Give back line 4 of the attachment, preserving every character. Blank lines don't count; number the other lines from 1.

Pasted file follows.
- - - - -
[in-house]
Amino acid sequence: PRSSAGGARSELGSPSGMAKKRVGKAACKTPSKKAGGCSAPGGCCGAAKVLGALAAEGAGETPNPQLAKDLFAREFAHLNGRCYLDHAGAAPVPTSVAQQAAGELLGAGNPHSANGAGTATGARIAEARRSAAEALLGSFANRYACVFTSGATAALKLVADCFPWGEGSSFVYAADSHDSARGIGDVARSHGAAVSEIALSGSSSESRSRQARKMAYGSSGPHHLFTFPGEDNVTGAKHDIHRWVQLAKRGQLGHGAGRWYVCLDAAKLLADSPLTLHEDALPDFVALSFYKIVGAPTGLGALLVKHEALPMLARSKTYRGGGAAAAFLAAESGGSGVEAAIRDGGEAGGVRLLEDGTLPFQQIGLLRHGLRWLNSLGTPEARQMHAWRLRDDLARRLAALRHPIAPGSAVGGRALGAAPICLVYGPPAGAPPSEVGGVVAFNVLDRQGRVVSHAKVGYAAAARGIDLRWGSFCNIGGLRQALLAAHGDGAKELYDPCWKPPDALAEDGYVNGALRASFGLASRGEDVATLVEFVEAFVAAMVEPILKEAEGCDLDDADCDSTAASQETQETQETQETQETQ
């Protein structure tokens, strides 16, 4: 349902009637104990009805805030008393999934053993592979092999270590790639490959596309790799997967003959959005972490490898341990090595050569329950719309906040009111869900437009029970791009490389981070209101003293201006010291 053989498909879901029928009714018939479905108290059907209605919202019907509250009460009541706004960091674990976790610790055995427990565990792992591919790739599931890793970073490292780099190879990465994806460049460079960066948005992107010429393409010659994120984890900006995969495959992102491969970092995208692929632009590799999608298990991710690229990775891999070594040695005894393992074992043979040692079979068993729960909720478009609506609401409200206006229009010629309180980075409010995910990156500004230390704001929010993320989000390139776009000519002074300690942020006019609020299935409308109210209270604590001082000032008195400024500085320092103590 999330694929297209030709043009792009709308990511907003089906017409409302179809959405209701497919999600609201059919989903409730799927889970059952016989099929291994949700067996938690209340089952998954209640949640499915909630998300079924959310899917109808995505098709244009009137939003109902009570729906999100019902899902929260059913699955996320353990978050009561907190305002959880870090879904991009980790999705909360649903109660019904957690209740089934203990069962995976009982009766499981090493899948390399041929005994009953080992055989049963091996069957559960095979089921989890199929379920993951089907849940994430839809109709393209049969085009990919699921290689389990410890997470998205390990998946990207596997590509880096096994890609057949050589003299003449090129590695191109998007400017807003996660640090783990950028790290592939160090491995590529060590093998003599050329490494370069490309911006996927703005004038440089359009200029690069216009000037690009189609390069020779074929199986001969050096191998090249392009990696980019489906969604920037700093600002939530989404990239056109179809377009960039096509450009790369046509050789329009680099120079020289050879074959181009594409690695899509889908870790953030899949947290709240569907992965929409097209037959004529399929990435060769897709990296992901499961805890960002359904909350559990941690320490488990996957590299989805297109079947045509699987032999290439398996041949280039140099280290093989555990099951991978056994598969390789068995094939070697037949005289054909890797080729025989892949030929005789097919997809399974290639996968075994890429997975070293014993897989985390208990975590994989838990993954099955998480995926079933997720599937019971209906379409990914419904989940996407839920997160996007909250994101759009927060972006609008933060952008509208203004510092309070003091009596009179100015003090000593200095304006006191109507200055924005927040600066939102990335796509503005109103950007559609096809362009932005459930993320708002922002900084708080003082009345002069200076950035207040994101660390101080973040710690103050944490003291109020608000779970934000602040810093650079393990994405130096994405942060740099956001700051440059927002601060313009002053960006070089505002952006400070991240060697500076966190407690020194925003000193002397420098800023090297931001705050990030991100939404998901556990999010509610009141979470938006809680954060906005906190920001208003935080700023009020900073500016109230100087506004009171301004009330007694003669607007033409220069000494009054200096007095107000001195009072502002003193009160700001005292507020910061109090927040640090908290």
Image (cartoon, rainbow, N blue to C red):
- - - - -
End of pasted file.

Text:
Image (cartoon, rainbow, N blue to C red):